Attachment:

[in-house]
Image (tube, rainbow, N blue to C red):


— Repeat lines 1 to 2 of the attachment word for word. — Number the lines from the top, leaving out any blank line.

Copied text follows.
[in-house]
Image (tube, rainbow, N blue to C red):